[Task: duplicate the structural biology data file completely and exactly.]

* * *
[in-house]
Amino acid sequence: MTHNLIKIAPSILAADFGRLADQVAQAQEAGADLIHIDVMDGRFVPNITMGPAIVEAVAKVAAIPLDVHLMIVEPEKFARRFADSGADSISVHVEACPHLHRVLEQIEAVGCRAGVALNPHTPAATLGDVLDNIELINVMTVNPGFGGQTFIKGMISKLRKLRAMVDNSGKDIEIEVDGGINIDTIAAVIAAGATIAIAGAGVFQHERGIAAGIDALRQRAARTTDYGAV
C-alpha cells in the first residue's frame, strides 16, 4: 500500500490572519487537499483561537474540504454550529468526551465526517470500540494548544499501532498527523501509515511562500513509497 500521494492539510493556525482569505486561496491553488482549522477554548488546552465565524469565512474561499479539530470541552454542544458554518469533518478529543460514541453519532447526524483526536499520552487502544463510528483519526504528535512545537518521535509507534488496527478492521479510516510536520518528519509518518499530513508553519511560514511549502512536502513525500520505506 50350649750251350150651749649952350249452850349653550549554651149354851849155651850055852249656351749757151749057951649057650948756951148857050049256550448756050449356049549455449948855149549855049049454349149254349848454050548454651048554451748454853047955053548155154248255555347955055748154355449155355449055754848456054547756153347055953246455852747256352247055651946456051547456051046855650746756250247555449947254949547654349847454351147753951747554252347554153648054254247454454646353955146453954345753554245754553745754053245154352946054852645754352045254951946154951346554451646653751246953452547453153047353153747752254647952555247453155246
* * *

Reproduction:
[in-house]
Amino acid sequence: MTHNLIKIAPSILAADFGRLADQVAQAQEAGADLIHIDVMDGRFVPNITMGPAIVEAVAKVAAIPLDVHLMIVEPEKFARRFADSGADSISVHVEACPHLHRVLEQIEAVGCRAGVALNPHTPAATLGDVLDNIELINVMTVNPGFGGQTFIKGMISKLRKLRAMVDNSGKDIEIEVDGGINIDTIAAVIAAGATIAIAGAGVFQHERGIAAGIDALRQRAARTTDYGAV
C-alpha cells in the first residue's frame, strides 16, 4: 500500500490572519487537499483561537474540504454550529468526551465526517470500540494548544499501532498527523501509515511562500513509497 500521494492539510493556525482569505486561496491553488482549522477554548488546552465565524469565512474561499479539530470541552454542544458554518469533518478529543460514541453519532447526524483526536499520552487502544463510528483519526504528535512545537518521535509507534488496527478492521479510516510536520518528519509518518499530513508553519511560514511549502512536502513525500520505506 50350649750251350150651749649952350249452850349653550549554651149354851849155651850055852249656351749757151749057951649057650948756951148857050049256550448756050449356049549455449948855149549855049049454349149254349848454050548454651048554451748454853047955053548155154248255555347955055748154355449155355449055754848456054547756153347055953246455852747256352247055651946456051547456051046855650746756250247555449947254949547654349847454351147753951747554252347554153648054254247454454646353955146453954345753554245754553745754053245154352946054852645754352045254951946154951346554451646653751246953452547453153047353153747752254647952555247453155246